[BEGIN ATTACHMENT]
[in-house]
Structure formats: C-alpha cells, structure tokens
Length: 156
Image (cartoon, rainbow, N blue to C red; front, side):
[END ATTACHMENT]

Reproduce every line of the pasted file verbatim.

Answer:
[in-house]
Structure formats: C-alpha cells, structure tokens
Length: 156
Image (cartoon, rainbow, N blue to C red; front, side):